The RMIT library provides tools to assist with your referencing
Plagiarism and Collusion
Plagiarism and collusion constitute extremely serious academic misconduct, and are forms of cheating. You are reminded that cheating, whether by fabrication, falsification of data, or plagiarism, is an offence subject to University disciplinary procedures. Plagiarism is the presentation of the work, idea or creation of another person as though it is your own. It is a form of cheating and is a very serious academic offence that may lead to expulsion from the University. Plagiarised material can be drawn from, and presented in, written, graphic and visual form, including electronic data, and oral presentations. Plagiarism occurs when the origin of the material used is not appropriately cited. Plagiarism is not acceptable.
Examples of plagiarism include:
• Copying sentences or paragraphs word-for-word from one or more sources, whether published or unpublished, which could include but is not limited to books, journals, reports, theses, websites, conference papers, course notes, etc. without proper citation;
• Closely paraphrasing sentences, paragraphs, ideas or themes without proper citation;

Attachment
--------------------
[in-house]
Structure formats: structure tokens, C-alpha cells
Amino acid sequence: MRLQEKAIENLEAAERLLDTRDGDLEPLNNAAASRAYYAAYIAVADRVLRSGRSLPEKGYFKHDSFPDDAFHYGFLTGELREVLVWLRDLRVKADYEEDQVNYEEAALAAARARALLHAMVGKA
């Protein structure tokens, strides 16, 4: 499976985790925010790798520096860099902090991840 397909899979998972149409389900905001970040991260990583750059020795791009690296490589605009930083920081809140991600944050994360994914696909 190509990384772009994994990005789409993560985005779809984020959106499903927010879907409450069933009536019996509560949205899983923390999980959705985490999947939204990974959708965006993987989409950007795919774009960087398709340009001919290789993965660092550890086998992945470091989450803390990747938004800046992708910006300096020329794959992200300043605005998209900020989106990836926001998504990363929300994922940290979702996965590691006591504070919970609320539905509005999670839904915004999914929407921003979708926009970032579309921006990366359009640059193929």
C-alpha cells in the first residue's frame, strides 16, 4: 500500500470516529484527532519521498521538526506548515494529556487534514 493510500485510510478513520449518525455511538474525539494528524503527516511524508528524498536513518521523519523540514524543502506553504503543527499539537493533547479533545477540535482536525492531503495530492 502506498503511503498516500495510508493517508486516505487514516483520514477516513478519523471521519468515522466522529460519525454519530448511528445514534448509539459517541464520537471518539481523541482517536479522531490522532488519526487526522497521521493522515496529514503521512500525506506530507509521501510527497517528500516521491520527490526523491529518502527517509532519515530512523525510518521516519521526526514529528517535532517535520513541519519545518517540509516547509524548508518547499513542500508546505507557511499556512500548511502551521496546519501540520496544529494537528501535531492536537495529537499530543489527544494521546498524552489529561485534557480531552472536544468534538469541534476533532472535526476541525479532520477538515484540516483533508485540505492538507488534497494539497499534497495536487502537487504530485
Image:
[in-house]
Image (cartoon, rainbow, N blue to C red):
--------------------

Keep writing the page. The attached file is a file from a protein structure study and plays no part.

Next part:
• Piecing together text from one or more sources and adding only linking sentences;
• Copying or submitting whole or parts of computer files without acknowledging their source;
• Copying designs or works of art and submitting them as your original work;
• Copying a whole or any part of another student’s work; and
• Submitting work as your own that someone else has done for you.
• Enabling Plagiarism: the act of assisting or allowing another person to plagiarise or to copy your own work is also an offence.
For further information, please see the RMIT Plagiarism Policy –;ID=sg4yfqzod48g1 – and the RMIT Student Discipline Statute and Regulations -;ID=11jgnnjgg70y
Plagiarism Software
The originality verification software Turnitin may be used in this course. For details, see:

Course Overview: Access Course Overview